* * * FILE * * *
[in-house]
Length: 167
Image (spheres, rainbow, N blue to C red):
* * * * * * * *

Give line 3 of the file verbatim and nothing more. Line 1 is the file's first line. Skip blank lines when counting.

Image (spheres, rainbow, N blue to C red):